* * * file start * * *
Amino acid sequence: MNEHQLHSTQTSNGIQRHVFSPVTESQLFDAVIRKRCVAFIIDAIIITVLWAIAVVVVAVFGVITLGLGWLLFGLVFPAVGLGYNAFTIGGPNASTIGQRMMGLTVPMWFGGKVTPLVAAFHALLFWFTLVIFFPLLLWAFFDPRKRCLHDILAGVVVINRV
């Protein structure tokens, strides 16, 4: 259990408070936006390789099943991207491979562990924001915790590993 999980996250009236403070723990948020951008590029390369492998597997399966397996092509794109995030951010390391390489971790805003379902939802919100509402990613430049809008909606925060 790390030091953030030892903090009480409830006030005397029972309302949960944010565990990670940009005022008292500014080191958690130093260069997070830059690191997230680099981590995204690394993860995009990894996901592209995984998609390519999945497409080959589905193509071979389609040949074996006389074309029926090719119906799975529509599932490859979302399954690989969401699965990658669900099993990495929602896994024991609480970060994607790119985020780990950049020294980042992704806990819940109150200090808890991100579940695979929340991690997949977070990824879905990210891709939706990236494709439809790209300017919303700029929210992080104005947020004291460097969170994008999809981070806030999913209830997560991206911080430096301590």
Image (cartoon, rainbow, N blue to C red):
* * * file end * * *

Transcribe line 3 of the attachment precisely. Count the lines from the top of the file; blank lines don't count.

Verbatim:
Image (cartoon, rainbow, N blue to C red):